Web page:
15 Dragon's Lair
As a game centered on fantastical adventure, Dragon’s Lair offers excellent music for the genre. The soundtrack is fun, simple, and innocent enough to be lovable. Both the music and animation are perfect for a children’s fantasy game.
Unfortunately, the rest of the experience prevents Dragon’s Lair from being the perfect kids product. The game starts out charming and amusing, with brilliant animations and a hilarious protagonist. The hero’s antics soon become annoying, though, as you play through repeated rooms and watch him perform the same actions over and over. Jarring transitions visually hurt and make the on-screen buttons difficult to see, resulting in frustrating deaths.
Dragon’s Lair could have been a great game, but it has too many problems to please older players and an unspeakable ending that’s definitely not suited for children.
14 Epic Mickey 2: The Power of Two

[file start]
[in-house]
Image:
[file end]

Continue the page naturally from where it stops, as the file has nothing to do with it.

While a cooperative version of Epic Mickey sounds great, Epic Mickey 2 ruins the series by requiring cooperative gameplay. Without a single-player option, the game is unplayable for the majority of gamers. Even the cooperative campaign fails to save the game, for poor mechanics, confusing items, and a frustrating camera prevent players from easily progressing through the game.
The only flawless part of the game is its soundtrack. Combining Disney’s musical style with tracks reminiscent of Banjo-Kazooie, Epic Mickey 2 offers quirky but fun songs that fit the platforming adventure. There’s even a few well-written sing-along songs thrown into the mix. Although the gameplay fails to advance Disney’s gaming industry, the soundtrack recognizes the games and films that influenced it and simultaneously contributes to its musical genre.